“Dairy is one of the world’s most nutritious foods – a single glass of milk provides 15 essential vitamins and nutrients, contains as much protein as an egg, as many carbohydrates as a quarter cup of rice and the same amount of calcium as sixteen cups of spinach,” she said.

Of those surveyed, Chinese and Thai consumers were the most aware of the benefits of dairy nutrition with 84 per cent of people saying they believe it is an important part of a balanced diet.

Chinese consumers are also eating the most dairy with 60 per cent of people eating at least one serving a day, followed by the Philippines where 53 per cent of people enjoy dairy on a daily basis.

Across the region, 72 per cent of Asians see dairy as an important part of a balanced diet. This recognition was the lowest in Indonesia, Taiwan and Vietnam at just over 60 per cent in each country.

The study also found that dairy demand across Asia has grown at a rapid pace over the last 10 years, with volume demand for high quality dairy nutrition increasing by 49 per cent.

This trend is expected to continue with global dairy demand expected to increase by another 100 billion litres by 2020, Fonterra said.


‘Game changing’ digital system to transform UK livestock sector

A “game changing” digital data system could prove central to a post-Brexit livestock sector.

An agreement with Defra for the AHDB to develop the Livestock Information Service (LIS) has now been signed and detailed specification work is underway.

That will involve the Traceability Design User Group (TDUG), a partnership of 22 supply chain and government organisations, which includes the NFU.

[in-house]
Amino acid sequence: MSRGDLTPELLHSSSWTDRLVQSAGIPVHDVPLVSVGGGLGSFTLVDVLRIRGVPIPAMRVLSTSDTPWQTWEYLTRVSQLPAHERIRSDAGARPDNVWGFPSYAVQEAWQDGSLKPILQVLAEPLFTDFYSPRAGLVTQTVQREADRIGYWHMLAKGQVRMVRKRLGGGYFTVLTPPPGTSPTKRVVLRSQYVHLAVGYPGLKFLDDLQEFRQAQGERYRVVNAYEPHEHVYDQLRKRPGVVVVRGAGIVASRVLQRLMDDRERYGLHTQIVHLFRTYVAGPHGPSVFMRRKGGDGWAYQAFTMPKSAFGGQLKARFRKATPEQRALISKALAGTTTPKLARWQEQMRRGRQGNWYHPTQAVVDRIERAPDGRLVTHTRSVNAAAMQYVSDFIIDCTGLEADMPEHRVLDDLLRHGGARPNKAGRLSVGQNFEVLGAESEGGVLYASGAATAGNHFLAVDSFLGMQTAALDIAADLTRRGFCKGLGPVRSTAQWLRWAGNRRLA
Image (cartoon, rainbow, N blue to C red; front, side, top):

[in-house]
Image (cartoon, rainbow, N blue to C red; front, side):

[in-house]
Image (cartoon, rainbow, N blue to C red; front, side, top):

AHDB Chief Executive Jane King said the service was “fundamental to the future health of livestock farming in this country”.

She added: “AHDB is in a unique position to be able to lead the collaboration between government and industry in order to deliver a future traceability service which is truly transformational.

“By working closely with the TDUG we will ensure that the needs of the user are at the heart of the service.”


The LIS could give UK producers some of the best farm-to-fork traceability in the world, acting as a catalyst for post-Brexit trade by evidencing their high standards.

It would also put powerful benchmarking at farmers’ fingertips, helping them to identify business improvements.

Using electronic ID tags, the system would give instant access to animals’ lifetime movement records, along with management, veterinary medicine, health and assurance information.

At its core is providing robust traceability data across the livestock sectors, including dairy cows, cattle, sheep, pigs and goats as well as companion animals.

The switch to bovine EID is expected to start on a voluntary basis, moving to a mandatory approach in a relatively short period of time, which would also see an end to the various paper-based arrangements.

The much-discussed idea got the green light from Defra Secretary Michael Gove earlier in the year and the project is slated for a late-2019 roll-out.


The LIS has also been earmarked as a gateway to government support proposed under the NFU’s Livestock Productivity Scheme.

A blueprint for the future sector, that would see incentives for animal health, soil management and genetic improvements which boost productivity while providing wider benefits to society at large. LIS data could act as the evidencing mechanism.